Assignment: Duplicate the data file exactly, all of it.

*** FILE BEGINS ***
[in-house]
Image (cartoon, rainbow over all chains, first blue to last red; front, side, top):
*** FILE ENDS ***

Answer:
[in-house]
Image (cartoon, rainbow over all chains, first blue to last red; front, side, top):